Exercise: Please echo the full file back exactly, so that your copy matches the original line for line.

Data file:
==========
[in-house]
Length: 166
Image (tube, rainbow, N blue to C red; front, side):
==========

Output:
[in-house]
Length: 166
Image (tube, rainbow, N blue to C red; front, side):